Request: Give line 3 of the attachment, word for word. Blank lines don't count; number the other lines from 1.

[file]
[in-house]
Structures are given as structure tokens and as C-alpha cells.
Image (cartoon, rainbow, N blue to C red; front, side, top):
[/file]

Image (cartoon, rainbow, N blue to C red; front, side, top):